Tweets in broadcast

BROADCAST GUIDELINES / BUT WHAT DOES IT MEAN?

We welcome and encourage the use of Twitter in broadcast media. Our requirements ensure that Twitter users receive proper attribution for their content, and help provide the best experience for your audience. If you follow these guidelines, you do not need to contact Twitter for any additional display or trademark clearances.

Broadcast includes, but is not limited to: the exhibition, distribution, transmission, reproduction, public performance or public display of Tweets by media delivery (all forms of television, radio, satellite, video, closed-circuit wireless, electronic sell-through, etc.), whether existing now or developed hereafter. If you aren’t certain that your specific use is covered by these guidelines, email trademarks [at] Twitter [dot] com.

 



TWEETS
/ DO’S AND DON’T’S

Improve readability by displaying the full name and @username, with some form of style differentiation from the Tweet text (bold, color, size, or another convention). We also recommend you put the full text of the Tweet on a new line.

Do:

  • Show full name, @username, timestamp, Tweet text and profile picture.
  • Include the Twitter bird in close proximity to the Tweets for the duration that they appear in your broadcast. Make sure to follow our logo display guidelines.
  • Use the full text of the Tweet. You may edit or revise Tweet text if you have permission from the original user.

Don’t:

  • Delete, obscure, or alter the identification of the user. You may show Tweets in anonymous form in exceptional cases, for example when you have concerns about user privacy.
  • Exclude the timestamp, unless technical limitations require it.

TWEET DISPLAY / SHOW AND TELL

Here are three options for displaying Tweets. As long as they don’t mislead viewers or misrepresent the Tweet author’s original intent, we are open to other respectful display configurations.

Tweets in the lower third

Ideally, you should animate full, complete Tweets onto the screen and allow them to rest there. Don’t use continuously scrolling text or a crawl that shows only part of a Tweet at a time.

Full-screen Tweets

Use different colors for the full name and @username. Your animation should place one Tweet on the screen at a time. Focus on legibility. Don’t crowd the screen with Tweets.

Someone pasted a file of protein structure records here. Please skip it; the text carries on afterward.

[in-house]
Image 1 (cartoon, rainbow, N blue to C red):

Tweets as part of a physical set

Often, showing Tweets on a physical monitor, web wall, or as part of a set design element is your most flexible display option. Make sure the Twitter logo is integrated into that element specifically — not overlaid on the screen in a general way.

Showing unattributed data in aggregate or graphical form is permitted, but we ask that you include the official Twitter logo.

IMAGES / A PICTURE’S WORTH A THOUSAND WORDS

Tweets with photos can express an idea or a feeling instantly. Incorporating them effectively can strengthen your broadcast materials and better engage your audience.

Single photo display

Multi-photo display

Do:

  • Display the Twitter bird within the graphic element itself. The image above demonstrates an appropriate scale.
  • Display the Tweet which accompanied the image, including the user’s full name and @username. Consider displaying the associated Tweet below the image, as you would a caption.

Don’t:

  • Edit a user’s images in any way.
  • Remove or separate any images from the original collection.

 



TWITTER RESOURCES / HELP US HELP YOU

By using the Twitter marks, you agree to follow this policy as well as our Terms of Service and all Twitter rules and policies.

Twitter Inc., reserves the right to cancel, modify, or change the permissions in this policy at any time at its sole discretion. For further information about use of the Twitter name and trademarks, email trademarks@twitter.com.